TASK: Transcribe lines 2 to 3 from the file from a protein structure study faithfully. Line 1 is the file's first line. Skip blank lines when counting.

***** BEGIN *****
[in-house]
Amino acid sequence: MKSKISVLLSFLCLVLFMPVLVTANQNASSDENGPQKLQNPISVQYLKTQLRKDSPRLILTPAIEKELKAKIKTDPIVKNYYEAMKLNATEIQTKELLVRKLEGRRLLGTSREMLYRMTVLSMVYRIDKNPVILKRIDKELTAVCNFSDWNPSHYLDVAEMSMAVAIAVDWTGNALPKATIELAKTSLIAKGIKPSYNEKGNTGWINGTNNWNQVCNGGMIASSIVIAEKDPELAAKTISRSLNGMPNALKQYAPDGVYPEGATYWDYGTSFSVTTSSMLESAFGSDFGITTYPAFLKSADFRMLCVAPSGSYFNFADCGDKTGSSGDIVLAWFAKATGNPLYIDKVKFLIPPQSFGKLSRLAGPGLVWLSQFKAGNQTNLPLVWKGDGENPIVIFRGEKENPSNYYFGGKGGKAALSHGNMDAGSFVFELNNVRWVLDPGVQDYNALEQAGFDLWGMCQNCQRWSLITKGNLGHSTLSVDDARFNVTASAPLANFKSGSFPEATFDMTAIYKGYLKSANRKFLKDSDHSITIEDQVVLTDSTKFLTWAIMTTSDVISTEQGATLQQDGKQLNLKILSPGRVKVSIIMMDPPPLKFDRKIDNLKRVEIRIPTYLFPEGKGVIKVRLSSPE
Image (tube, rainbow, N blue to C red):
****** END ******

Amino acid sequence: MKSKISVLLSFLCLVLFMPVLVTANQNASSDENGPQKLQNPISVQYLKTQLRKDSPRLILTPAIEKELKAKIKTDPIVKNYYEAMKLNATEIQTKELLVRKLEGRRLLGTSREMLYRMTVLSMVYRIDKNPVILKRIDKELTAVCNFSDWNPSHYLDVAEMSMAVAIAVDWTGNALPKATIELAKTSLIAKGIKPSYNEKGNTGWINGTNNWNQVCNGGMIASSIVIAEKDPELAAKTISRSLNGMPNALKQYAPDGVYPEGATYWDYGTSFSVTTSSMLESAFGSDFGITTYPAFLKSADFRMLCVAPSGSYFNFADCGDKTGSSGDIVLAWFAKATGNPLYIDKVKFLIPPQSFGKLSRLAGPGLVWLSQFKAGNQTNLPLVWKGDGENPIVIFRGEKENPSNYYFGGKGGKAALSHGNMDAGSFVFELNNVRWVLDPGVQDYNALEQAGFDLWGMCQNCQRWSLITKGNLGHSTLSVDDARFNVTASAPLANFKSGSFPEATFDMTAIYKGYLKSANRKFLKDSDHSITIEDQVVLTDSTKFLTWAIMTTSDVISTEQGATLQQDGKQLNLKILSPGRVKVSIIMMDPPPLKFDRKIDNLKRVEIRIPTYLFPEGKGVIKVRLSSPE
Image (tube, rainbow, N blue to C red):